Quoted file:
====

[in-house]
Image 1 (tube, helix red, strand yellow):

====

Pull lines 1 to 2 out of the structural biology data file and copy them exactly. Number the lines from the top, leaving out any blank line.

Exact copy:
[in-house]
Image 1 (tube, helix red, strand yellow):